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Everything You Need To Know About Growing Your Own Smoothie Greens


Robyn Openshaw, MSW - Apr 08, 2019 - This Post May Contain Affiliate Links


greens coming out of a basket

Ever been right in the middle of making your daily green smoothie, when you suddenly realize you’ve run out of spinach – or your arugula has turned black and slimy in the bottom of the crisper drawer?

Keeping fresh smoothie greens on hand can be a challenge, but there is an easy solution that will make sure you never run out of ingredients mid-smoothie again: Grow your own!

In this post:

Planting your own smoothie greens garden is a great way to ensure that you have an ongoing supply of fresh, nutritious greens for your smoothie or salad any time you want them. Not only will you have the freshest produce possible, but you’ll save some money, too. Plus, it’s good emergency preparedness, as you’ll become more self reliant when you can produce some of your own food.

You may have some initial costs for seeds, soil, or containers when you first plant your garden, but you’ll be able to reuse most of your supplies every year. Plus, you can collect seeds from your harvest to plant next year’s garden, which means that the longer you continue to plant and grow your own greens, the more inexpensive it will get.

Whether you have a big backyard garden, a small outdoor patio, or a little sliver of available countertop, there’s a way to grow a greens garden in almost any space. All you need is a little water, a little light, and a little patience – and you’ll be sipping your success in no time!

Benefits Of Growing Your Own Smoothie Greens

There are obvious benefits to growing your own greens for smoothies – from being able to eliminate the use of pesticides to reducing your carbon footprint by getting vegetables that come from your backyard instead of from across the globe. You’ll also always have fresh vegetables on hand – and at a fraction of the price you’d pay at your local organic grocery store or farmers market.

[Related: Free Healthy Food: How To Get Dozens of Free Ingredients For Your Green Smoothies]

There are also less obvious benefits to growing your own smoothie greens. Research has shown that gardening can do everything from boost your mood and physical fitness to help improve your balance – and your kids’ eating habits!

How To Grow Your Own Smoothie Greens In Your Yard

If you’re ready to start your own green smoothie garden, a spacious backyard is a great place to plant it – or you can skip the grass and plant it right in your front yard. Depending upon your location and your climate, you may be able to section off an area for your garden and plant your greens right in the ground.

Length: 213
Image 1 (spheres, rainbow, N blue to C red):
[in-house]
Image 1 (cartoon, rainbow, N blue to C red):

Photo of a backyard garden, from

Growing your own fruits and vegetables will save you money at the grocery store.

You also can opt to build raised beds, where you can grow everything from lettuce and chard to root vegetables like beets and turnips – which will yield lovely, fresh greens for your daily smoothie. I used Mel Bartholomew’s book Square Foot Gardening to build my garden beds and get exponentially more plants in the same amount of space.

Before you plant your backyard or front yard garden, head to your local gardening shop or home improvement store. They’ll be able to offer advice about the vegetables that tend to thrive in your area – along with when and how to plant them to yield the best crops.

Garden shop experts or your county home extension service can tell you how soils in your area may be deficient and even test your soil. They can also give you suggestions about how to prepare the soil in your area and how to feed your green smoothie garden in safe and healthy ways. But please note that composting is far better than using chemical nitrogen fertilizer, to nourish your crops appropriately.

If you need a little more advice, you also can check online for local blogs or community forums where people in your area share their gardening tips and suggestions.

1001 Smoothie Recipes from Green Smoothie Girl

In general, you’ll want to plant greens like spinach, kale, and lettuce, and root vegetables like parsnips or turnips in late February or early March. These plants are able to survive a little bit of snow, so get out there as soon as the ground is warm enough to dig.

If you’d like to get a jump start, you can start your seeds indoors as early as January or February and transplant the seedlings outdoors when the weather allows.

How To Grow Your Own Smoothie Greens On A Patio

If your home doesn’t have a big yard (or no yard at all!), that doesn’t mean you’re out of luck when it comes to growing a garden for smoothie greens. A small patio or balcony will give you plenty of space for a container garden of greens. You can buy individual pots, or, depending upon your space, you can build raised beds to grow greens for your smoothies.

Photo of patio garden, from

Growing veggies on your patio is simple and requires very little space.

Everything from arugula and spinach to lettuce and bok choy can be grown in containers, and you can even grow root vegetables that have abundant tops of greens – like beets or radishes. You’ll just need the right supplies – including large pots with drainage holes, quality potting soil, and seeds.

If you don’t have the greenest thumb, it’s okay to “cheat” with starter plants. You can usually find those in early spring at your local grocery market, hardware store, or garden supply. I look for organically grown, “heirloom” tomatoes to avoid hybridized or genetically modified (GMO) plants.